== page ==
NEW YORK — She’s funny, brilliant and — in her recent books and plays — absolutely fearless. The charge “to run away” is one she says she has battled with herself since childhood, and if her words seem ironic, it’s a matter of timing rather than irony. When she was young, she writes, “it was hard to race away from the drawing board, for the old art of abandoning it was thought of as the epitome of disobedience.”
But over the years, she says, she has learned what it means to sit, as a writer, in the anguish of being unable to find a poem, a play, a playwright’s notes, that is meant to remain a draft, to not be tucked away but to live on the page. “That has been an epiphany that a certain kind of creativity demands from you,” she says. “You know: ‘Write something.’”
Washburn talks over the phone from her home in Los Angeles, which she shares with her husband and three children. (Her husband is playwright Vijay Iyer.)
And how did that urge to “write something” start?
I would think of my day as the drawing board, but it was really the selection of the picture for the weather forecast. … So really, it comes from those little dreams of picking a picture out of the sheet of drawers that I would make my map of the day. It’s this very intimate thing, thinking of the big picture and then simply recording it in smaller images: What was it like at the traffic light when I saw her? What was it like in the school hallway? And suddenly I would become unstuck. It’s like putting the pieces of a puzzle together, or an idea. I never think that I have any idea of how it goes. And I’m not in the room, or the workshop, or the rehearsal hall — and I just decide. Like I decide to do what I would do at the end of the day if I was choosing what to read in the paper.
Was it a good idea to have four children?
You know, my personal guiding principle of parenting is the principle of what’s done, is done. You know, I put as much importance on what was supposed to be done as what was actually done.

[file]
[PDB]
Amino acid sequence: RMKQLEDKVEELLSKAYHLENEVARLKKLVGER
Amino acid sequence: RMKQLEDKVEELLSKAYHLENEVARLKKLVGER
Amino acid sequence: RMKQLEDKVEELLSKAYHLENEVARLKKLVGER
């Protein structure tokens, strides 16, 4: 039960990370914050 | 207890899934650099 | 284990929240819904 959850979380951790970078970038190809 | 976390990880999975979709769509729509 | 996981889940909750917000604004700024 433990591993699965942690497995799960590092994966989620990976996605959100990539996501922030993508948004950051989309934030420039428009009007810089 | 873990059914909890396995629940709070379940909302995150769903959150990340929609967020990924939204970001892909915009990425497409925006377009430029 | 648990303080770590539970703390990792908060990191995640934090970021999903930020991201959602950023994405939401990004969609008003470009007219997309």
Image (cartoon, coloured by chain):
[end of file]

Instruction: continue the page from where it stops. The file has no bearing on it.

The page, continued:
So I never thought of children as a catalyst to something going on in my brain or writing something. I’m amused when people say, “Oh, you have kids and you became a writer.” I don’t. I used to be a writer. In fact, I was thinking of doing this interview before I had kids.
And it seems to me that what makes you a writer in retrospect is an effort to escape these ideas you’ve created that may not live on the page.
I’m so glad that I understood something about that long before you did. Because I have an idea of being one thing in the morning, and then starting at some point after 7 p.m. and going on until 2 in the morning. So you know that I’m living it all through thinking about this person and not about myself. That’s what you’re trying to do, right? And if I’m not living it — if I’m not trying to make choices in the first place — then my writing is a meaningless thing. And if it’s a meaningless thing, I don’t really deserve to write it. That sounds obvious, but it’s hard to believe in a minute.
You’ve said you’re essentially concerned with “deconstructing” Trump. So you are digging up buried material from Trump’s past, from things he said — the quotes. How much of what you’re finding is these things that came up in the pre-Trump days?
Oh, well, that’s a tough question. There’s some of that. Oh, I think he was a guy who defended building a wall and that was a sign to go after Mexican immigrants. I think that he was a guy who talked about black church leaders who had gangs of black children. But I have never done this just as a Trump story, to clear his name. It really is about — not only this guy, but people, movements, ideas that I’m interested in. The fact that some of this stuff came out of the past, I think that helps. And the fact that people will find it and use it, to their advantage, I think that’s kind of fun.
See the artist at the exhibit “